Who was Buffalo Bill?
Buffalo Bill was an American frontiersman whose real name was William Frederick Cody. He got his nickname because he was an expert marksman and supplied large quantities of buffalo meat to workers building a railroad in Kansas. Buffalo Bill rode a mule in a messenger service, made trips west with wagon trains and rode on a mail route for the famous pony express. He was active during the Civil War with an anti-slavery organization called Jayhawk.
Between 1868 and 1872 he worked as an army scout and served as a guide for buffalo hunters. Although he won the Congressional Medal of Honor for gallantry in 1872, Congress revoked the medal because he wasn't a member of the military at the time.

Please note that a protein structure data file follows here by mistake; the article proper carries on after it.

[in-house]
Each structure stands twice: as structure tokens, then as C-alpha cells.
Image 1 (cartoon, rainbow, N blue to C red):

In 1883 Buffalo Bill started his famous Wild West show, which featured roundups, mock stage robberies and buffalo hunts. The performers included Annie Oakley, "Wild Bill" Hickok and "Texas Jack" Omohundro. One of the highlights of this show was a mock battle with Indians during which Buffalo Bill demonstrated his amazing shooting ability. He toured with the show throughout Europe and the United States for 20 years. Buffalo Bill died in 1917. His grave is located on Lookout Mountain near the town of Golden, Colorado.
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The Child Story Hour team